Authors

  1. Section Editor(s): Raso, Rosanne MS, RN, NEA-BC

Article Content

You can't manage it. You've heard this over and over again. Do you feel like your performance has boiled down to a report card and what's not there isn't important? On the flip side, there's value in what we can't measure. And, sometimes, there's no value in what we do measure. Let's not forget the rest of your work that may not be reflected on your report card.

  
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Don't get me wrong. Attentiveness to key performance indicators and measures of success are critical. Using quantifiable goals for program evaluation and performance improvement is fundamental. Our transparent and quality-driven healthcare world insists on it, and should. We identify targets, monitor progress, and make improvements based on data. How else do we know if we've been successful and what issues need to be addressed? Demonstrating empirical outcomes is an essential Magnet(R) component and makes sense to prove nursing excellence. In Value-Based Purchasing, meaningful use, and other value-based care programs, performance metrics are king. If you can't measure it, you can't get rewarded or punished, or be compared or benchmarked.

 

This leads us to that palpable sense of dread when your performance metrics are about to be revealed. That click to open the report may involve breath holding or even prayer. It's reminiscent of grade school report cards and standardized test scores. In the education world, there's also controversy over excessive measurement, its fairness, resultant rigid curricula, and whether we're missing out on the value of what we can't quantify, such as a student's moral character, inquisitiveness, or love of learning.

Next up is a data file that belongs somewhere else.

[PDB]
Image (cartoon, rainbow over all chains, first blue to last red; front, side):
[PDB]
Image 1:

Isn't it the same for us? Aren't there important unmeasurable components, such as the positive energy of our team or the emerging confidence of a new nurse, which you know are translating into better patient care? What about the grateful family who doesn't complete a satisfaction survey or all of the relationship building you're doing? You feel these things, you don't measure them.

 

To make it even worse, we often measure insignificant things just to have a metric. Or maybe we focus on the process measure that looks good even though it isn't as meaningful as the outcomes, which don't look as good. Or we make up definitions and then have apples and oranges that shouldn't be compared. Of course, this is all done with good intentions to prove our measured performance. On the other hand, our governmental, regulatory, and national database measures are defined in excruciating detail. Then we have apples to apples and plenty of opportunities to design foolproof documentation to meet expectations. Too bad documentation and actual practice aren't as clinically related as we would like and we're forced to be evaluated by our keystrokes.

 

Knowing how to turn data into information adds another dimension to the measurement adage-if you can't understand or use the data, it doesn't help you manage either. Drilling into data to find meaning and focus is illustrative and even fun. After a metric has no meaning to your practice or is of questionable integrity, stop measuring it unless it's obligatory-a situation we face all too often. Two articles in this issue will help you find meaning in data: "Measures That Matter" on page 14 and "Metrics for Nurse Managers" on page 30.

 

So if you can't measure it, it may still be valuable. Use both quantified and unquantified results to evaluate yourself and your team. Your report card is significant and guides your priorities, but it isn't the whole story.

 

NURSING.MANAGEMENT@WOLTERSKLUWER.COM

  
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